In defense of Republican opportunity


Last week Mr. Felts of Peachtree City wrote a scathing reply to my previous letter. In that letter I had argued that Republicans should focus on fiscal problems instead of getting bogged down over certain social issues.

His reply could be summed up with one sentence of his letter “If our fathers had lived as such cowards, the Nazis would control all of Europe and the Japanese would own all of the Pacific and Southeast Asia.”

Mr. Felts seems to mistake making an economy, heavily impaired by government, the priority with completely folding on all social issues. While I appreciate the debate over the issues, I feel Mr. Felts completely missed my point. His letter is filled with hyperbole and arguments against points I made that have been so misconstrued that I wasn’t even sure if I was the Mr. Rigsby he was referring to.

When Mr. Felts wrote, “Do honor and honesty no longer hold any value?” I was flabbergasted. I can explain how the economy is in dire straits point by point, and I only suggested that social issues are only going to hinder Republicans in the 2016 elections.

Also, how is having the Republicans write a bill that first secures the border then addresses which illegal immigrants can stay and which cannot be misconstrued as a complete surrender? I am not sure what kind of logic is used in Mr. Felt’s dissection of my article; the only certainty is that he felt strongly about what he said.

He seems unable to grasp the current state of affairs in the economy. I am not making these arguments for “a few more bucks in our pockets.” I am making these arguments to protect the money we have now.

Our government increases taxes but fails to use this money appropriately. We owe around $18 trillion in debt and our expenditures are going to cost more each year, according to the government’s own projections. Considering that these expenditures usually cost more than is projected anyway, we have every reason to focus on fiscal issues as a priority.

On top of these problems we have an inevitable hike in interest rates in our near future, which is not going to help our situation. Perhaps Mr. Felts needs to study the U-6 numbers, the impact of government spending on the economy, and what an interest rate hike means for government debt.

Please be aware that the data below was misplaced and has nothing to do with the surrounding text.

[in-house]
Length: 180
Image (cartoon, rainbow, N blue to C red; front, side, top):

Mr. Felts goes on to infer that I am advocating to “bend to their desires,” referring to any minority group that wants social change. I have to say that is quite an exaggeration of what I said in my article.

I argue that governments, state or federal, should not legislate marriage between two consenting adults. He talks about the NAACP, sharia law, Hollywood, and Washington elites all forcing their political correctness on us, stretching what is stated in my article to fit a definition that in no way represents my views.

I should have been more specific in the social causes I was referring to so that Mr. Felts could respond more rationally instead of dredging up every extreme he could think of.

The one thing we do agree on is that the educational system pushes political correctness, and that it should not limit the views of students. The only factual argument he made is that I wrongly stated that the federal government regulates marriage. It is the state government — you got me there, Mr. Felts.

I appreciate critique but I would encourage Mr. Felts to use more rational arguments when trying to debate serious topics. If I had submitted that paper in a debate my professor would have lectured me for an hour on how to refrain from using straw man and slippery slope arguments.

If Mr. Felts wants to have his opinions taken seriously, he might want to refrain from inferring that those whom he disagrees with are cowards, and his whole warm yellow stream reference was just odd.

So, Mr. Felts, thank you for illustrating my point with your angry reaction. While you may have completely misrepresented my position, you have perfectly highlighted the approach that turns the younger demographic away from the Republican Party.

Josh Rigsby
Fayetteville, Ga.